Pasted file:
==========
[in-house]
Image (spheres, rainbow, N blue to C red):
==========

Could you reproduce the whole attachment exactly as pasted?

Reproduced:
[in-house]
Image (spheres, rainbow, N blue to C red):